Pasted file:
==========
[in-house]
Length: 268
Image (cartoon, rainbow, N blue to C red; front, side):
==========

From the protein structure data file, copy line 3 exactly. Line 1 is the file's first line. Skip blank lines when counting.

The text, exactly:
Image (cartoon, rainbow, N blue to C red; front, side):